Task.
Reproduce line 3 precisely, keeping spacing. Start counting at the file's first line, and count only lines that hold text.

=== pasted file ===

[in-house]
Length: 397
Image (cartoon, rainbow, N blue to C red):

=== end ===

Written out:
Image (cartoon, rainbow, N blue to C red):